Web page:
Of course, these bad eggs, these attention-hounds, will bluster and storm and thunder and say that “Satan” is behind their sudden drop in status and prestige. They will say that it “obviously” means that they are doing all the right things because opposition only happens, in their world, when someone’s doing something so well that “Satan” is upset enough about it that “he” lashes out against the person doing it. They’ll drill down all the harder on the bullshit act because that’s all they’ve got in their toolbox. All the other times Christian bullshit whisperers got caught, they were able to wriggle free and start over again with the same act a little while later. They have no reason to suspect this time will be different. They may lose a few followers, but more will come along later if they just keep shouting the same stuff they’ve been shouting (maybe a bit more extremist, a bit more racist, a bit more sexist, a bit more isolationist, a bit more bigoted, but the same ideas).
But we’ll know the truth, friends.
We’ll know better.
Every time, another person like me will slip free of the bonds and start seeing things clearly for the first time.
Every single time a clergyperson is caught doing something horrible, the public’s general friendliness to the profession is shaken a little bit more. When normal folks found out that a pervert with a known criminal record had been allowed into the pastorship of a church in Kentucky, then went on–shockingly–to molest more children there, I imagine most of them were absolutely dumbfounded. So too were the TRUE CHRISTIANS™ at that church, though for the wrong reasons; even though they’d totally known they were hiring an accused pedophile to be their church’s pastor, they’d decided on their own that he was innocent and let him run loose among their children because they value “forgiveness” over children’s safety.
Don’t expect the leaders in this fiasco to do anything but keep their chins high and keep doing things the same way as always as they hope desperately that the blowback will fade as memories dim; as their new interim pastor said,
he was “not in a position to judge anyone. We’re firm believers in the Bible so if God’s forgiven you, then we’re in no position to treat you otherwise,” Bratcher explained to WBKO last month.
I’m sure the Interim Pastor’s whining that he doesn’t want to judge anybody and that he trusts any fool who says he’s been forgiven by “god” will be a great comfort to the victims of this child rapist and their families as they deal with the fallout of his disgusting crimes.
How many of these things have to happen to the church’s own families before they stop giving pastors automatic trust and respect? Do you suppose this was the straw that will break the camel’s back of gullibility and over-trusting-ness? The rest of us already know that the Christian church, especially the loudmouthed brash side of it, is a safe harbor for predators just like bathroom tile is a safe harbor for foot fungus. When Christians themselves realize that there’s no god magically making their leaders better people than anybody else, things will finally begin changing in that toxic miasma of a culture they’ve created for themselves.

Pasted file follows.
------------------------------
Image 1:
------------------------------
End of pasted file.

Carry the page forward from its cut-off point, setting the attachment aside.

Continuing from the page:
None of this would even be happening if the people in these churches looked seriously at the people coming in, ignored their Jesus smiles and ultra-earnest preacher eyebrows and considered these folks on their own merits rather than the ones they’re claiming Jesus gave them.
Ted Cruz. Every picture I see of this clown, his eyebrows appear to be trying to knit themselves together and then take off into orbit.
I don’t expect Christians to wake up to reality just because they get hit with one too many of these disgusting perverts, though. It’s the financial hit that will likely do that. Churches don’t care what anybody thinks until that opinion starts costing them a lot of money. These pious Jesus-smile-wearing church leaders sanctimoniously refraining from judging perverts will start doing so in a damned hurry once not judging them starts costing them their pants. I’m not a lawsuit-happy person by nature, but I genuinely hope that the families of this Tennessee predator’s victims are already lawyering up to force their church to take a little goddamned responsibility for what they allowed to happen to their most vulnerable, defenseless members.
Part of the necessary snipping-away of Christianity’s reckless, roughshod trampling of liberty and rights is this painful recognition of how their worldview and practices have allowed people to rise to power who patently do not deserve the kind of trust and adoration that Christians are showering upon them. Just as I had to see Biff as he truly was, long ago, as someone who ached for responsibility but had no skill in exercising it in a loving or constructive way (or even really the desire to do so), just as I had to figure out that Biff had taken to Christianity because it let him finally have the admiration and respect he’d craved since childhood, just as I’d had to learn the hardest way possible that many of the worst Christians leading the religion today are there purely because they couldn’t get the fame, wealth, and power they have in religion any other way, Christians themselves are going to have to learn that too for themselves.
Considering the entire fundagelical movement is based on the concept of a god giving power and authority to those who deserve it most and heaping his approval and “blessings” on these people in the form of successful revivals and piles of money and political dominance, that’s going to be a sea change of epic proportions–and a much needed one.
Next time we’re going to talk a little more about this idea because I want to develop it a little further to discuss some other specific cases and times when Christians have been giving way too much trust to people who really don’t deserve it. Yep, it’s time to look at “Christian counselors” and a whole bunch more. I hope you’ll join me!